I love to do crafts and have cute handouts and activities for church (and school, and friends, and - well you get the idea). I don't consider myself creative, but often use the help of others' talents. I decided to share what I'm doing for others just like me. It may be a link to where I found something or it might even be something *I* created. Right now I work as a paraprofessional at my kids' elementary, I am the Bear Den Leader, and teach those same boys and one girl every week in Primary.

Monday, March 28, 2011

A Day Full of Green and Rainbows - Part 2 (day of fun)

Now for the day of St. Patrick's Day fun.  First the leprechaun comes to visit.  He is never too naughty at our house (although with my house upside down with all the rearranging I've been doing a prank would've probably been to clean my house).  Every year the milk turns green, there are green glitter trails, plastic coins and sometimes a little extra surprise in my kid's shoes.  Leprechauns are little cobblers (hence the fascination with things being left in shoes) and I learned this year in Kindergarten that they make fairy shoes.  Last year in Boo's Kindergarten class the Leprechaun peed green in the toilet so it had to happen here too along with green footprints on the toilet seat.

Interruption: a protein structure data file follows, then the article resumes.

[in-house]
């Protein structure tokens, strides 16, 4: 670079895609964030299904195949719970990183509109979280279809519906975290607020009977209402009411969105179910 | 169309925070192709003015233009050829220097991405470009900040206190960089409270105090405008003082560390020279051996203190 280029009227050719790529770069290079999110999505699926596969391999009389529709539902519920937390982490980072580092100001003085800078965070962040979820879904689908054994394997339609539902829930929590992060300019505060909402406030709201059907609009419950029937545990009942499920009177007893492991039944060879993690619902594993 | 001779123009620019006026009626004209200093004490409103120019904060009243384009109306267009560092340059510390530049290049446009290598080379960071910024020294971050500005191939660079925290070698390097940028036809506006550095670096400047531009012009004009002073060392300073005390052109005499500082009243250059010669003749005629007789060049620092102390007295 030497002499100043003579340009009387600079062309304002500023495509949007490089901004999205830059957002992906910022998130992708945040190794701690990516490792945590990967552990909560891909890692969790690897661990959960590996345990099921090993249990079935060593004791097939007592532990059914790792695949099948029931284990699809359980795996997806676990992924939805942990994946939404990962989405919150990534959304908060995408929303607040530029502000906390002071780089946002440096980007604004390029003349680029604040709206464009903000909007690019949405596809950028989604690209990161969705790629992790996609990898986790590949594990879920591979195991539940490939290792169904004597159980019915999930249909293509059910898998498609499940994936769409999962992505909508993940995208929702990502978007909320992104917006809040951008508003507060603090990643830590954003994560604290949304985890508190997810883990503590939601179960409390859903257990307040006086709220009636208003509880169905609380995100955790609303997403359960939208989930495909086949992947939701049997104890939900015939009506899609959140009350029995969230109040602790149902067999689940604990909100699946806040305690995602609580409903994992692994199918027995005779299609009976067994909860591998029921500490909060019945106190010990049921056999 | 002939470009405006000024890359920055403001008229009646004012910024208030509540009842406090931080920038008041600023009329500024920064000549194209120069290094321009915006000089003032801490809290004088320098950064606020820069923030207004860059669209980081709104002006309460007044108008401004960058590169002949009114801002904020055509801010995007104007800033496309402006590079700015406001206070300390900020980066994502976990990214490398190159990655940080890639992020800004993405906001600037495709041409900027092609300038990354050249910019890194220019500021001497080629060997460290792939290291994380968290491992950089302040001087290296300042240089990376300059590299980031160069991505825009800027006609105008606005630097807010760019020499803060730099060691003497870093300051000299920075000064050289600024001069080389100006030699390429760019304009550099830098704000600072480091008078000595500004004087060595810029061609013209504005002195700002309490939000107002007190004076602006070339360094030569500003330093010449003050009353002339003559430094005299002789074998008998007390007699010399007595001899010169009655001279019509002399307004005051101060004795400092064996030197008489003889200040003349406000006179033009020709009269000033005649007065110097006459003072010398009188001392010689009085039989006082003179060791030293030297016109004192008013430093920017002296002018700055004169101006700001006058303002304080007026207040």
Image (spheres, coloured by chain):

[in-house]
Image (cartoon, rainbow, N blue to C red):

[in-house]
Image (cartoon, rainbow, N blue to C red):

The footprints didn't show up so well in the picture and make a note: green food coloring settles so it has to be done not long before the kids come in.

There were green glitter trails to the traps the kids made, footprints along the traps, green coins in their shoes and in the traps, and a battery operated glow stick in their shoes.

Every year we make green pancakes with the milk that was dyed green (I add a couple more drops of food coloring), but we didn't get to do our green eggs on Dr. Seuss Day so I made those instead.  

Lunch is green too (some years more so than others):  Sandwich cut with a shamrock cookie cutter, green grapes, Mix it yourself pudding (Boo loved this one), Koolaid or Capri Sun that had a green label, and a rainbow cupcake shown on the previous post, etc.  Here is how I made the pudding:  In a small container I put in 1/4 cup milk and in a snack baggie I put in 1 Tablespoon pistachio pudding.  I told the kids to add the mix from the baggie to the container and put back on the lid and shake.  It not only turns into yummy pudding (don't forget to tell them to let it sit for a couple minutes - Bugs tried to eat it as a liquid), but it magically turns green.  Boo thought it was great that the Leprechaun could change the pudding green!